Sparking up buzz around your team's prospects is a normal, healthy activity. It's hard not to -- these are guys who have yet to really prove what they can do in the majors, they're a mystery, a hope, an untapped potential waiting to blossom. Fever comes and goes with these players, but every once in a great while you stumble upon one that just seems right. Someone that you feel is supposed to be a part of your team.
Sean Manaea is that for the A's. With a boisterous smile and a wild head of curly hair, he already looks the part. And after proving himself in Spring Training and the minors, all we could do was sit back and wait for that magical time in summer when he would manifest through the cornfield and onto the pitcher's mound under the Coliseum lights.
But, wait! It's spring. It's not even a month into the season! And Manaea has been called up!
Last Friday, he made his big league debut, striking out three and giving up four runs in five innings. Not a bad start at all, but luckily the A's offense came to life and pulled out a miraculous win in the form of a Yonder Alonso walk-off-three-run homer to give Oakland a 7-4 win over the Astros. Manaea, however, did not get the win. Tonight is his chance to grab that first W of his career, in Boston, against the Red Sox.
The 6'5", 245lb lefty was born to Faaloloi and Opal Manaea in Wanatah, Indiana, a small city of less than 1000 people. Less than 1000 people, only one street light (as our Nico wrote about in a fantastic AN Exclusive about Manaea), and they managed to produce an MLB-calibre pitcher with a fastball so dazzling it has been classified as "unhittable" when Manaea's stuff is in its highest form.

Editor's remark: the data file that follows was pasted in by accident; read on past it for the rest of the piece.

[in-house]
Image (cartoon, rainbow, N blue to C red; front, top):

And to make Manaea stand out even more in his small town, he's of Samoan descent. Not the most common heritage in the heart of the American Midwest, but that doesn't stop Manaea and his family from holding tight to their roots. Manaea has a tattoo on his arm, an intricate interweaving of Samoan symbols that covers his shoulder down to his elbow.
In the summer of 2012, before his junior year at Indiana State, Manaea pitched for the Hyannis Harbor Hawks of the Cape Cod League. Though, to simply say he pitched for the Harbor Hawks would be insulting. In 51.1 innings, Manaea pulverized his opponents, amassing a 1.22 ERA with 85 K's and only seven walks. Seven.
When in college and the minors, Manaea said he taught himself to stop performing for scouts, instead to just pitch and improve for himself and his team.
Still only 24 years old, Manaea was acquired by the A's in the Ben Zobrist trade with the Royals last year. He's remained humble and giddy as a puppy, even with his clear success and sparkling promise of an MLB start -- which finally came to fruition last month. When he speaks, you almost forget the calibre of pitcher behind the goofy grin and the nonchalant way he's able to laugh off his mistakes.
So, finally, the A's have built an opening for Manaea to show what he can do at the major league level. As someone who has proven his skill at finding where he, himself, needs to improve, Manaea already got a great taste of A's brand baseball in his first two starts. We can only sit back and watch him blossom from here on out.